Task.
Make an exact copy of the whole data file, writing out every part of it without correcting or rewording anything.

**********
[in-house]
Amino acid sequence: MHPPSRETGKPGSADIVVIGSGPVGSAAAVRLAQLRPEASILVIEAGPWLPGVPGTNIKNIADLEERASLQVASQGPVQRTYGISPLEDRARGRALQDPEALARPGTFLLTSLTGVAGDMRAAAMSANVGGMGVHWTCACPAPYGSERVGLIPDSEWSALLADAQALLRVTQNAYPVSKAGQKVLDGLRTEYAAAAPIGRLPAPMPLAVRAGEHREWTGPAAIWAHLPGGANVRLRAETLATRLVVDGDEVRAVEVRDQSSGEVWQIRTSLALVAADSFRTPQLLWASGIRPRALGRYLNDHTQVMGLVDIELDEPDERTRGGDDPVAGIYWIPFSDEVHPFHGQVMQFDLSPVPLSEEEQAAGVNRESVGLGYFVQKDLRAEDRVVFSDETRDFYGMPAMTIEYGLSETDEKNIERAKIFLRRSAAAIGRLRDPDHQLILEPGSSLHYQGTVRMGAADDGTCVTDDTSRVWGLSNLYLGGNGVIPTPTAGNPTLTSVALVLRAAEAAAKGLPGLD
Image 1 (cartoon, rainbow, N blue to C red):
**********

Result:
[in-house]
Amino acid sequence: MHPPSRETGKPGSADIVVIGSGPVGSAAAVRLAQLRPEASILVIEAGPWLPGVPGTNIKNIADLEERASLQVASQGPVQRTYGISPLEDRARGRALQDPEALARPGTFLLTSLTGVAGDMRAAAMSANVGGMGVHWTCACPAPYGSERVGLIPDSEWSALLADAQALLRVTQNAYPVSKAGQKVLDGLRTEYAAAAPIGRLPAPMPLAVRAGEHREWTGPAAIWAHLPGGANVRLRAETLATRLVVDGDEVRAVEVRDQSSGEVWQIRTSLALVAADSFRTPQLLWASGIRPRALGRYLNDHTQVMGLVDIELDEPDERTRGGDDPVAGIYWIPFSDEVHPFHGQVMQFDLSPVPLSEEEQAAGVNRESVGLGYFVQKDLRAEDRVVFSDETRDFYGMPAMTIEYGLSETDEKNIERAKIFLRRSAAAIGRLRDPDHQLILEPGSSLHYQGTVRMGAADDGTCVTDDTSRVWGLSNLYLGGNGVIPTPTAGNPTLTSVALVLRAAEAAAKGLPGLD
Image 1 (cartoon, rainbow, N blue to C red):